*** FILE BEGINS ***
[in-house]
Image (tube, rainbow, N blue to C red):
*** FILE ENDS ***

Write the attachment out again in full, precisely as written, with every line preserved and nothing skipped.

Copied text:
[in-house]
Image (tube, rainbow, N blue to C red):